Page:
M&A: Impact of New Revenue Recognition and Lease Accounting Standards on Deal Terms

Revising Terms to Reflect Adjustments to EBITDA, Valuations, Working Capital, Earnouts, Due Diligence, Reps and Warranties

This program has been cancelled

A live 90-minute CLE webinar with interactive Q&A

Wednesday, December 12, 2018

1:00pm-2:30pm EST, 10:00am-11:30am PST

This CLE webinar will examine the impact of new lease accounting and revenue recognition standards on M&A transactions beginning in 2019. The panel will discuss how the new standards could affect M&A including: target company EBITDA and valuations, due diligence and transition issues, and the terms of acquisition agreements including working capital adjustments, earnouts, and reps and warranties.


Adoption of the FASB’s new revenue recognition standard becomes mandatory for private companies after Dec. 15, 2018 (the transition for public companies began in Dec. 2017). Similarly, new rules for the accounting of operating leases will come into force under IFRS and GAAP in 2019. These new standards represent a significant shift in accounting methodology and are expected to have wide-ranging effects on M&A transactions.

The new revenue recognition standard will impact more than top-line revenue; deal teams will need to assess the total impact of the transition during due diligence. It might also change how costs associated with revenue are recognized, with impacts on both the income statement and balance sheet. Other areas to be consider include the impact of the new standards on sales and executive incentive compensation.

To the extent the revenue recognition standard accelerates or delays revenues, it will impact EBITDA multiples and other metrics used to price transactions. New revenue recognition patterns will also affect the calculation of a target’s working capital and may influence the documentation and calculation of earnout payments in purchase agreements entered into prior to the new standard. If an acquisition is financed with debt, the impact of the new standard will have to be considered when negotiating financial covenants.

The new lease accounting rules require lessees to recognize operating leases as assets and liabilities on their balance sheets, which will result in an increase in EBITDA and impact earnout calculations unless the parties expressly agree to disregard the rule for earnout purposes. If the parties choose to determine the value of lease liabilities differently than under IFRS or U.S. GAAP for purposes of the closing accounts, they will have to accurately define the valuation metrics in the purchase agreement.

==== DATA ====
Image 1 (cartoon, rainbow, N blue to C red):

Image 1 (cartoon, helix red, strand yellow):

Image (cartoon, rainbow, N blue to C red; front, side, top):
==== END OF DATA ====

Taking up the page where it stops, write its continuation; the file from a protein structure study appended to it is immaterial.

Listen as our authoritative panel discusses the impact of the new revenue recognition and lease accounting standards on M&A transactions. The panel discussion will include how the new standards should be addressed in M&A due diligence and deal terms.



  1. The new revenue recognition standard (ASC 606, ASU 2014-09)
    1. Five-step process to recognize revenue arising from contracts with customers
    2. The treatment of certain costs associated with obtaining and fulfilling contracts
  2. The new lease accounting standard: IFRS (IFRS 16) and GAAP (ASC 842)
  3. Effect of new revenue recognition standard on M&A deals
    1. EBITDA and business valuations
    2. Forecasts and projections
    3. Working capital adjustments
    4. Earnouts
    5. Due diligence
    6. Debt covenants associated with deal funding
  4. Impact of new lease accounting standard for M&A deals
    1. EBITDA and earnouts
    2. Valuing lease liabilities in purchase agreements


The panel will review these and other relevant issues:

  • What is the new revenue recognition standard and how does it change the evaluation of a company’s contracts?
  • How might the new revenue standard affect target company valuations?
  • How does the treatment of operating leases differ under the new lease accounting standards and how does it affect a target’s financial statement?
  • How should earnout provisions address the new revenue recognition and lease accounting standards?


Naisbitt, Russell
Russell Naisbitt
Consulting CFO

Mr. Naisbitt is a strategic financial leader with a broad and diverse base of industry and functional experience. He...  |  Read More

Additional faculty
to be announced.